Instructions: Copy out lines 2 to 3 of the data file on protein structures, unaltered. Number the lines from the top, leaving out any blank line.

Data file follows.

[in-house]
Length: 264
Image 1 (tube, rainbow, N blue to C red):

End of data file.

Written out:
Length: 264
Image 1 (tube, rainbow, N blue to C red):